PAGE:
BLANCHE TRASK
acknolwedged five times by
ALICE EASTWOOD:
1898 to 1941
in Scientific Papers Published with the
California Academy of Sciences
San Francisco, California

1. "To name this in honor of the discoverer, the zealous collector Mrs. Trask, is a small tribute to her courage, and enthusiasm.
The quote is from 1898 for the discovery of Astragalus traskiae on San Nicolas Island.

2. "This, the most beautiful of the Pacific Coast Cercocarpi, was discovered by Mrs. Blanche Trask at the southern part of the island in a volcanic region known as 'Salte Verded.' It is a wild place, too rough for men on horses, with no trails but those made by the goats. Even in winter teh heat is great. She writes as follows concerning the place and the trees; 'There are about forty or fifty trees in an arroya so small that there is but room to squeeze through, a southern exposure where Ruin and Earthquake have passed and in whose footprints but few plants have dared to rise.' The sea dashes at the base of this arroya, the walls of which rise to a height of from 100 to 500 feet. The trees are all isolated, not at all forming thickets.
That any one should have found a new tree on an island that so many botanists have visited is surprising; but it is due to the great enthusiasm, the wonderful power of exploration, and the intense love for Santa Catalina Island and its flowers which Mrs. Trask possesses. It is with pleasure that I give her name to this tree."

The quote if from 1898 for the discovery of Trask Mahogany (Cercocarpus traskiae) on Catalina Island.

3. "... Many additions have come from the collections of Mrs. Blanche Trask. She lived at Avalon for many years and walked over all parts of the island, even sleeping out in the open if night overtook here when she wandered too far. Her most complete collection was in the Herbarium of the California Academy of Sciences. It, togethe with all the other island collections, were better represented in the Academy herbarium than in any other, but all were destroyed in the earthquake and fire of 1906. Only the types were saved. Some specimens were distributed by Mrs. Trask to other herbariums and from these at least 30 have been described as new, most of them endemic to Santa Catalina Island. Undoubtedly as revisions of Californian genera appear, the number of new species will increase.
The most important and latest work on the flora of Santa Catalina Island is that of Millspaugh and Nuttall published in 1923 as one of the botanical publications of the Field Museum, Chicago. The description of the island has been my source of information, added to my own knowledge gained many years ago by several trips with Mrs. Trask."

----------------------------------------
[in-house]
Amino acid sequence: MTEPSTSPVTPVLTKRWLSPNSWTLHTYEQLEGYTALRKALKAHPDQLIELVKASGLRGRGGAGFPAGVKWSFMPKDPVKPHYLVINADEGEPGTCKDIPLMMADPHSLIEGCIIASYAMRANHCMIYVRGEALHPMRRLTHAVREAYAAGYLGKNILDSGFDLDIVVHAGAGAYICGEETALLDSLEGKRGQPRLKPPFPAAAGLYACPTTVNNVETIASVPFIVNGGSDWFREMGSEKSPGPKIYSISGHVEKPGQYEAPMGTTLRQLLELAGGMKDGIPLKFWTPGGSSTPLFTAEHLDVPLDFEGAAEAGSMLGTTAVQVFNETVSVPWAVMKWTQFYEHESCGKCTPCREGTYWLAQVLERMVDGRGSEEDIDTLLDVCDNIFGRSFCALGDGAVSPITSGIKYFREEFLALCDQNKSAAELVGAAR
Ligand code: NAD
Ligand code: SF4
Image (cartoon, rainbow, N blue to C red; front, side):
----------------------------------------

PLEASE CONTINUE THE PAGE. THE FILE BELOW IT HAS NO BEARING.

The quote is from 1941 (Catalina) for Eastwood's Channel Islands Flora.

4. "Mrs. Trask describes the descent into any of the canyons leading to the sea as hazardous. The sharp volcanic rocks are completely hidden by dense vegetation. Trifolium tridentatum grows 4 to 6 eet high and the long thick stems spread vine-like so that to avoid being tripped, hands and feet are both needed to crawl down the steep defiles. Sailing around the island, Mrs. Trask could count the groves of Lyonothamnus up the canyons, and, near the summits, the oaks."

"Mrs. Trask spent three months on San Clemente Island in 1903. Here specimens were sent to me for identification, but both specimens and list were lost in the earthquake and fire of 1906. However, a fine descriptive account which was published in the Proceedings of the Southern California Academy of Sciences in 1904, described the appearance and habitat of some important species that Lyon did not list. Among these weree the two oaks, Quercus chrysolepis and Q. tomentella, Crossosoma californicum, heretofore listed only from Guadalupe and Santa Catalina islands, and Lavatera assurgentiflora, the tree or bush mallow restricted apparently to San Miguel, San Clemente, and Anacapa islands."

"The caves were evidently used as homes by the Indian inhabitants, as indicated by the traces that they have left."
The quote is from 1941 (San Clemente) for Eastwood's Channel Islands Flora.

5. "Mrs. Blanche Trask was the first to make a botanical collection on this island, and April, 1897, she spent some time there collecting the plants and relics of the former Indian inhabitants. Her account with list of plants was published by the author in the Proceedings of the California Academy of Sciences (ser. 3, 1:89-120, - 1898)."

"...Mrs. Trask found no soil on the broad uplands but tons of pebbles, round as shot and about the same size, supporting only the ice-plant and some common weeds. A small lake was discovered where Eleocharis grew. The only fresh water comes from dripping rocks at the west end, wehre also the most abundant evidences of the former inhabitants can be found."